Girls Inc. of Alameda County programming focuses on the whole girl, equipping them with the knowledge, skills and support required to help navigate the impact of violence and other trauma and prioritize mental health. Aside from academic success and college/post-secondary preparedness, middle school and high school curricula include critical education around social-emotional learning, healthy relationships, sexual and reproductive health, media literacy, body image, self-advocacy, and emphasis on connectedness to peers and staff.

Our programming works at every stage to encourage self-worth, self-confidence and positive self-image, a large part of which includes dismantling the myths and negative messages in today’s society.

“Youth are constantly being shown different and new ways to be self-critical, especially about their bodies,” Courtney explained. “In programming, we provide intentional teaching spaces where they can share the effects of social media on themselves and their friends. They learn how to connect their own experiences with the larger picture – allowing them to see the insidious ways that social media, influencers, and the larger media landscape attempt to shape how we see our bodies and our place in the world.”

In our Knowledge & Practice of Healthy Behaviors curriculum, 90% of participants indicated that, because of Girls Inc. of Alameda County, they better understand how body image affects girls’ feelings about themselves; 86% agreed that they learned the difference between negative and positive body image.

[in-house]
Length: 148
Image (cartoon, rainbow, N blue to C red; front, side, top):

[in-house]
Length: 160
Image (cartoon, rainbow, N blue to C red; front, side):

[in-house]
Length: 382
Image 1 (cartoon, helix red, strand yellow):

We also work to support teen’s understanding of true sexual consent and healthy relationships and we implement quality health education that is medically accurate and age appropriate. Ninety seven percent of girls who participated in our Healthy Relationships & Safe Dating curriculum reported that they learned that both people in a dating relationship should have equal power and 93% reported learning that people who experience emotional, sexual, and physical dating abuse should get help.

Increasing teens’ engagement with social-emotional learning– developing their self-awareness, self-control, and interpersonal skills—is another way our programming helps teens cope with challenges and prepare for success. Of the participants in our Health and Advocacy Programs—Advocating Change Together (ACT), Healthy Evolving Relationships (HER), and Helping Everyone Achieve Success Together (HEART)—100% of 9-12th graders understand their feelings and know how their feelings affect others (79% answered most or all of the time). One hundred percent also reported knowing skills and tools to be able to manage themselves in constructive ways when they are stressed or upset (86% answered most or all of the time).

Establishing community and sisterhood so that teens know the people around them care about them, their well-being, and their success is another key element of our programming. Providing opportunities for teens to develop positive connections with trusted adults—mentors, program leaders, teachers, volunteers, staff—as well as with their peers, can help foster connectedness and belonging.